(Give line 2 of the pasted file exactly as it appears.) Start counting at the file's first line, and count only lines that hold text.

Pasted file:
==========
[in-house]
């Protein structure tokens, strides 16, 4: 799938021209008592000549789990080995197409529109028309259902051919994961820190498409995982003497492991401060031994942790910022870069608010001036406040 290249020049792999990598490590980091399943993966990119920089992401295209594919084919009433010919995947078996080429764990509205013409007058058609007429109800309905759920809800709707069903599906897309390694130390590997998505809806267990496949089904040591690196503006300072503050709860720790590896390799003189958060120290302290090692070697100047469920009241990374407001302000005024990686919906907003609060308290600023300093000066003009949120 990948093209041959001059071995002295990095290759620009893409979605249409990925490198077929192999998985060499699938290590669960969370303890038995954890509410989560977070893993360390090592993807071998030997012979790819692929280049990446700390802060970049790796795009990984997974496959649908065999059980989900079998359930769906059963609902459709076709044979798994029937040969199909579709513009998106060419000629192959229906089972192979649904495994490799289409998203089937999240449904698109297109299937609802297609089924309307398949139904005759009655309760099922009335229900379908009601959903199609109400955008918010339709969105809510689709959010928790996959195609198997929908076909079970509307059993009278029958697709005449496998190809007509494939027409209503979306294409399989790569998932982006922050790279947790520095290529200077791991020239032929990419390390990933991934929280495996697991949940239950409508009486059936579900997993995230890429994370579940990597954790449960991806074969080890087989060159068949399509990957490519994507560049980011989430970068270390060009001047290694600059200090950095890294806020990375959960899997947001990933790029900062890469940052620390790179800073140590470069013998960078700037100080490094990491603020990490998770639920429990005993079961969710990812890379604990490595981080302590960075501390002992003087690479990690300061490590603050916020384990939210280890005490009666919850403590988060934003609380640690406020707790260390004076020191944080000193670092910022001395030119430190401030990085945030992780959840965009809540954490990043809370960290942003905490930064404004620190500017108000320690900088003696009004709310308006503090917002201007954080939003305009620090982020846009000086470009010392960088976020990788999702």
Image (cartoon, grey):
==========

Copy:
């Protein structure tokens, strides 16, 4: 799938021209008592000549789990080995197409529109028309259902051919994961820190498409995982003497492991401060031994942790910022870069608010001036406040 290249020049792999990598490590980091399943993966990119920089992401295209594919084919009433010919995947078996080429764990509205013409007058058609007429109800309905759920809800709707069903599906897309390694130390590997998505809806267990496949089904040591690196503006300072503050709860720790590896390799003189958060120290302290090692070697100047469920009241990374407001302000005024990686919906907003609060308290600023300093000066003009949120 990948093209041959001059071995002295990095290759620009893409979605249409990925490198077929192999998985060499699938290590669960969370303890038995954890509410989560977070893993360390090592993807071998030997012979790819692929280049990446700390802060970049790796795009990984997974496959649908065999059980989900079998359930769906059963609902459709076709044979798994029937040969199909579709513009998106060419000629192959229906089972192979649904495994490799289409998203089937999240449904698109297109299937609802297609089924309307398949139904005759009655309760099922009335229900379908009601959903199609109400955008918010339709969105809510689709959010928790996959195609198997929908076909079970509307059993009278029958697709005449496998190809007509494939027409209503979306294409399989790569998932982006922050790279947790520095290529200077791991020239032929990419390390990933991934929280495996697991949940239950409508009486059936579900997993995230890429994370579940990597954790449960991806074969080890087989060159068949399509990957490519994507560049980011989430970068270390060009001047290694600059200090950095890294806020990375959960899997947001990933790029900062890469940052620390790179800073140590470069013998960078700037100080490094990491603020990490998770639920429990005993079961969710990812890379604990490595981080302590960075501390002992003087690479990690300061490590603050916020384990939210280890005490009666919850403590988060934003609380640690406020707790260390004076020191944080000193670092910022001395030119430190401030990085945030992780959840965009809540954490990043809370960290942003905490930064404004620190500017108000320690900088003696009004709310308006503090917002201007954080939003305009620090982020846009000086470009010392960088976020990788999702």